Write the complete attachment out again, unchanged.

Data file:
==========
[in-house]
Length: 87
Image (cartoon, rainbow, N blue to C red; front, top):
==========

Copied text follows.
[in-house]
Length: 87
Image (cartoon, rainbow, N blue to C red; front, top):